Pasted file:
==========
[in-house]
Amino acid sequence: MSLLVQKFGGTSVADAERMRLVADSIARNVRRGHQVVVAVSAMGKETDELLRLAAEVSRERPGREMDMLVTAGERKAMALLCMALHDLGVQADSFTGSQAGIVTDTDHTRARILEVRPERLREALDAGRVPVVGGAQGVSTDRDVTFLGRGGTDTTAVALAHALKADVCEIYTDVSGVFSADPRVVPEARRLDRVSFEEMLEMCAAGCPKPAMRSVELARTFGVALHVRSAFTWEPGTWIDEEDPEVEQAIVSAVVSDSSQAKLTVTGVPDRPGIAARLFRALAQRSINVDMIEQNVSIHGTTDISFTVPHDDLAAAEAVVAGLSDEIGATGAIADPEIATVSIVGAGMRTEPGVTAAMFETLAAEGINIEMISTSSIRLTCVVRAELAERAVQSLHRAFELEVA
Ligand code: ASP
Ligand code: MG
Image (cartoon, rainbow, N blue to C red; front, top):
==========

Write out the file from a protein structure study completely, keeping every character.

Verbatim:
[in-house]
Amino acid sequence: MSLLVQKFGGTSVADAERMRLVADSIARNVRRGHQVVVAVSAMGKETDELLRLAAEVSRERPGREMDMLVTAGERKAMALLCMALHDLGVQADSFTGSQAGIVTDTDHTRARILEVRPERLREALDAGRVPVVGGAQGVSTDRDVTFLGRGGTDTTAVALAHALKADVCEIYTDVSGVFSADPRVVPEARRLDRVSFEEMLEMCAAGCPKPAMRSVELARTFGVALHVRSAFTWEPGTWIDEEDPEVEQAIVSAVVSDSSQAKLTVTGVPDRPGIAARLFRALAQRSINVDMIEQNVSIHGTTDISFTVPHDDLAAAEAVVAGLSDEIGATGAIADPEIATVSIVGAGMRTEPGVTAAMFETLAAEGINIEMISTSSIRLTCVVRAELAERAVQSLHRAFELEVA
Ligand code: ASP
Ligand code: MG
Image (cartoon, rainbow, N blue to C red; front, top):